Pain lanced through Darvale’s sweating body as a half ton of solid rock balanced precariously on his shoulders.
The smith took another rapid breath and yelled, “Heave!” The edge of the disc-shaped millstone bound for Carron’s new gristmill nearly caught the edge of the dock; another hand width and they could rest the stone on the dock and slide the rest of the millstone off the barge. It was foul luck that the river was low because of the lack of rain. Had the barge been riding higher, it would have been much easier to get the millstone up onto the dock.
“This is it! Heave!” The stone moved a hand-span onto the dock, which creaked under the weight, while the barge rode a bit higher in the river than it had before. Darvale and the three men helping him unload the stone could rest their aching muscles for a moment.
Until now, the people of Northern Hope had laboriously ground their meal by hand in a quern, or used their dwindling supply of coin to import bread and meal from the downstream towns of Asbridge. Carron, with the help of many of the settlers, had built a new gristmill, and everyone in town had parted with silver to have the millstone ferried upriver from Miass.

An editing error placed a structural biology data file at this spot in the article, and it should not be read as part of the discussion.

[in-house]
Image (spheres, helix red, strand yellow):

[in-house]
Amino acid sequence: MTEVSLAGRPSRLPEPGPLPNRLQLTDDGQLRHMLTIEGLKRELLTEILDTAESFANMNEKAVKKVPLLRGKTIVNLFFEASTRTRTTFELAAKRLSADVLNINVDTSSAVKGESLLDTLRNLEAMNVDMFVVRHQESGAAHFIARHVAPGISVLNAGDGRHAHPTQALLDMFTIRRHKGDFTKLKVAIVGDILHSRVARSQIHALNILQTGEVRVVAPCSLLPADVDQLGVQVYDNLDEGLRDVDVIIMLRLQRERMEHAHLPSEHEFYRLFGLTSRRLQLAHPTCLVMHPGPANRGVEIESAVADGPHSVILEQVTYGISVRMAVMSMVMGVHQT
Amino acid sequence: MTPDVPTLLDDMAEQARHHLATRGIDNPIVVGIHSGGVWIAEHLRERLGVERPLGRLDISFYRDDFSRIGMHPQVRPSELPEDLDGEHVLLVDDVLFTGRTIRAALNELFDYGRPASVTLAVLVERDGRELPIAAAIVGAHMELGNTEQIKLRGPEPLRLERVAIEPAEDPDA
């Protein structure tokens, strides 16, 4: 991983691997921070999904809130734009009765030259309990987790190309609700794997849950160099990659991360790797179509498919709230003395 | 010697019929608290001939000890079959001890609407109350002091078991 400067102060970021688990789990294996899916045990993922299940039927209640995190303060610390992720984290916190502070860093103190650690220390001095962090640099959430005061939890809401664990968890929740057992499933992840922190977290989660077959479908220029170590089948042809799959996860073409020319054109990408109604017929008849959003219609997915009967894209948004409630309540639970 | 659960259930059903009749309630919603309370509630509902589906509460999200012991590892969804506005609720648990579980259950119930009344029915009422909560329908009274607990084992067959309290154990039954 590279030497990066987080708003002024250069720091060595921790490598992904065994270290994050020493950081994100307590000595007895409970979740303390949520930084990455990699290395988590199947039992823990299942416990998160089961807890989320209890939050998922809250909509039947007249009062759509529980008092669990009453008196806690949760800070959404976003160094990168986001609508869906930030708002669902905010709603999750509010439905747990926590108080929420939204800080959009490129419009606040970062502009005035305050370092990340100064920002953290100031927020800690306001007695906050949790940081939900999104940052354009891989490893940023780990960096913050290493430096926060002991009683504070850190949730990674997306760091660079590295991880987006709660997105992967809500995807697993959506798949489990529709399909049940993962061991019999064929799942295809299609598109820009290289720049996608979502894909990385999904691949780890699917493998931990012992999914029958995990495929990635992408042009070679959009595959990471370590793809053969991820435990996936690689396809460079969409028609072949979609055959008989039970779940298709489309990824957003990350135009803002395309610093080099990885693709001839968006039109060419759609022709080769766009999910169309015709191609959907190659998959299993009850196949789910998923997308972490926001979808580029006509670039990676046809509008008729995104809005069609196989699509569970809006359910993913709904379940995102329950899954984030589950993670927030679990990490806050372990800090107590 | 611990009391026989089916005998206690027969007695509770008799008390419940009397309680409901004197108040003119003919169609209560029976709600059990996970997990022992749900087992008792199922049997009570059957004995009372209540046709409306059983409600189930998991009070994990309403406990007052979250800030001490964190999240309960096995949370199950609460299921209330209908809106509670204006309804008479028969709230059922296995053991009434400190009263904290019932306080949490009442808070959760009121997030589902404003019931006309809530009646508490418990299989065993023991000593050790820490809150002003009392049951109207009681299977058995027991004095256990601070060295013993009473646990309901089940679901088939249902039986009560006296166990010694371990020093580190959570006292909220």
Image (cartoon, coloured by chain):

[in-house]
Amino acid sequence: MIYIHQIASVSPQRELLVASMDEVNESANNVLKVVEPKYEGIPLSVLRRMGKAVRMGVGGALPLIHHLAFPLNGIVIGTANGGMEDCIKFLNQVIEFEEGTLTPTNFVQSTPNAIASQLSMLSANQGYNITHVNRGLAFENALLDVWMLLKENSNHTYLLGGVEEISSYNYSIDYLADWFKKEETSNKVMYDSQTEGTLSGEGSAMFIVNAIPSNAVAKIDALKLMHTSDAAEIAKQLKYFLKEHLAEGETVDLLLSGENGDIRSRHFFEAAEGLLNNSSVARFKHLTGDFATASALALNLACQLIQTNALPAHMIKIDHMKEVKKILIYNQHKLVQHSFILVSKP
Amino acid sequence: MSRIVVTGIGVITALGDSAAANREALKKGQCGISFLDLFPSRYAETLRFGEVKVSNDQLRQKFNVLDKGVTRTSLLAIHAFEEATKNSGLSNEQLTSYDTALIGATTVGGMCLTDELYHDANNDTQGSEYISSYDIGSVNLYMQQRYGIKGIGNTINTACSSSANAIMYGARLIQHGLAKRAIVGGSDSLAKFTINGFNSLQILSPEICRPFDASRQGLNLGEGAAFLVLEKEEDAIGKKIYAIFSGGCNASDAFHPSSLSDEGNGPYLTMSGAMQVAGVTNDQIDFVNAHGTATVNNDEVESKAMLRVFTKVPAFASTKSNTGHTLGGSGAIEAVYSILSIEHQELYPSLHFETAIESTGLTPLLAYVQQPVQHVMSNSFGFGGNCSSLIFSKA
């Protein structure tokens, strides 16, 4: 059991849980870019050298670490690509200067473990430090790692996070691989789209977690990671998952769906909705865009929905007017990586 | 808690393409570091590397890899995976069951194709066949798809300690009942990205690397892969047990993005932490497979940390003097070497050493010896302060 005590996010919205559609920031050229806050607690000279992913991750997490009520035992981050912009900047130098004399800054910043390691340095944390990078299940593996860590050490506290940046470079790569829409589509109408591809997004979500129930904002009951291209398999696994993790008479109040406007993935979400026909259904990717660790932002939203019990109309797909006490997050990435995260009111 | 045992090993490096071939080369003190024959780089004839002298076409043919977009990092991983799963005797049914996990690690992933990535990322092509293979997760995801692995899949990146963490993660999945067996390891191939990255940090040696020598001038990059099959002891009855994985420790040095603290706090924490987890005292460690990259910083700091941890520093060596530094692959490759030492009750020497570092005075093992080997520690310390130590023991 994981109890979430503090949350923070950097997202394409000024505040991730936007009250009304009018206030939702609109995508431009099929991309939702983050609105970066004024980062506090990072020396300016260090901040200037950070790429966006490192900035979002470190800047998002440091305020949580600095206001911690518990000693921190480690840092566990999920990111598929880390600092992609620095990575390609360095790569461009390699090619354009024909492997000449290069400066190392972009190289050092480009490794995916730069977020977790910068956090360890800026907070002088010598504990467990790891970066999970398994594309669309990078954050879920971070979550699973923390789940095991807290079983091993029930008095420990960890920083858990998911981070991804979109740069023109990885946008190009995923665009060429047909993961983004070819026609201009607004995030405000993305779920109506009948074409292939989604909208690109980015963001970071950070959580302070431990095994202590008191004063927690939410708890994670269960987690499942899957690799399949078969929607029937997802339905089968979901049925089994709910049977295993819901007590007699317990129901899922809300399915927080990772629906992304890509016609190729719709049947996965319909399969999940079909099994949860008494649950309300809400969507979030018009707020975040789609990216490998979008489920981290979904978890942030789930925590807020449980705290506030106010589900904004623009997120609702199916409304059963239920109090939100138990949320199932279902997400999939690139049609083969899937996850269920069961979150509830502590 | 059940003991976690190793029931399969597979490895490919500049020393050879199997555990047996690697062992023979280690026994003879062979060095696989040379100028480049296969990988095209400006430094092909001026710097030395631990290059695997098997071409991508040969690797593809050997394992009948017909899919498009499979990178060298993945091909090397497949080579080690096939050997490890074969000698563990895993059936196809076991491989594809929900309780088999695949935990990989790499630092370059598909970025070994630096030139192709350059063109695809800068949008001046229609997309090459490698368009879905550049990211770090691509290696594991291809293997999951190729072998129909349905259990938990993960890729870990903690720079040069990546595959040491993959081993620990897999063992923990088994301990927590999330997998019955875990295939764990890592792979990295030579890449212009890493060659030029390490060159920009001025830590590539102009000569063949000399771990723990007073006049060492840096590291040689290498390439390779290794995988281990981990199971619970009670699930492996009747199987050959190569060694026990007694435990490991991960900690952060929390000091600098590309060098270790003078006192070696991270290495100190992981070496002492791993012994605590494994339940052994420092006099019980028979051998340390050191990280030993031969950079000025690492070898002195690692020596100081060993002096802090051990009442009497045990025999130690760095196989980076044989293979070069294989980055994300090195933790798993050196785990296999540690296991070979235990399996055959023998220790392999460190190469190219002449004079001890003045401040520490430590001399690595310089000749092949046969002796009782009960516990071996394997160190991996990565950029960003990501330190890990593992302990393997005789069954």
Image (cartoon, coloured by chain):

The rest of the stone slid easily onto the dock. The final bit of work was to have a team of oxen lift the disc so that it stood on its edge like a wheel and could be carefully rolled out to Carron’s new mill.
The workers wedged an iron bar the thickness of Darvale’s arm underneath one side of the stone, then looped a rope from the oxen through the hole in the middle. Two men were ready to lever the wheel with the iron bar, while Darvale and another man stood by to steady the stone on its way up. All was ready for the oxen to pull the stone up onto its edge.